In the ever-changing landscape of the real estate market, one factor that significantly influences homebuyers…
If you are moving due to a new job, relocating cities, needing a larger or smaller home, or any other reason, it can be tricky to time things just right. Should you keep your current home while you move or will you need to make sure that your home is sold before you commit to a new purchase? The exact timeline can vary baked on your individual situation.
Sell, Then Buy
You can begin the home search process while still living in your current home. This is what most people do, since finding the right home can take awhile. But if you plan to use the equity in your current home as part of the downpayment for a new home, you’ll need to sell it before you finalize the purchase of a new home. You can make a purchase offer on a new home contingent on selling your current home. This allows you to back out of the new home purchase if your current home does not sell within a given time frame. Depending on your financial obligations, your lender may even require this to approve your new loan application.
It can also be difficult to afford two mortgages in some cases. If your current home takes a longer time to sell than you anticipated, you’ll still be responsible for the mortgage and any maintenance and upkeep costs in the meantime. This is another reason that many people opt to sell then buy.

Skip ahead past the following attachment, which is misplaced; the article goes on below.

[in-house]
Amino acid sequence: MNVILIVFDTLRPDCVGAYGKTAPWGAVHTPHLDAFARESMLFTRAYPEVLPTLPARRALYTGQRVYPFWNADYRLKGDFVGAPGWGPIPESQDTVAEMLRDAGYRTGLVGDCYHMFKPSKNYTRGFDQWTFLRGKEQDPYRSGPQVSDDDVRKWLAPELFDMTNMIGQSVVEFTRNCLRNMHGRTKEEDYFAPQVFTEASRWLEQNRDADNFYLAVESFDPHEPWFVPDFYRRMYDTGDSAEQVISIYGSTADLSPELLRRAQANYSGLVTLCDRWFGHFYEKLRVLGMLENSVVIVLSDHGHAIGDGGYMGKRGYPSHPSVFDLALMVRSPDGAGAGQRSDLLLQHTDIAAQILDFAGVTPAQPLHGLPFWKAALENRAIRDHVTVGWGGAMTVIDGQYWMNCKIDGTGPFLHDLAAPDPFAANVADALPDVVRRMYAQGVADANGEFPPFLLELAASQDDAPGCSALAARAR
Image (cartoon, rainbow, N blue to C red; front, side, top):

Buy, Then Sell
If you have some extra room in your budget, buying your new home and then selling your current home can make the moving process easier. You won’t be stressed trying to do both at once and get all of your belongings out of your current home by the time the new owners arrive. The major downside of doing things this way is that you are still responsible for both mortgages, utilities, and any other expenses until you sell.
Buy and Don’t Sell
Some people opt to keep their current home and rent it out. This can be a good financial investment but make sure that you’re ready to be a landlord before you go down this path. You are still the owner and responsible for paying the mortgage, even if you don’t have a tenant or the tenant can’t pay their rent. Talk to other landlords in your area and consider using a professional property management service to make this easier.